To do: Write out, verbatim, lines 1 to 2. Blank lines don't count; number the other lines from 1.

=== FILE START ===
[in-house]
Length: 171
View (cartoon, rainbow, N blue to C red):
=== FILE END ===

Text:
[in-house]
Length: 171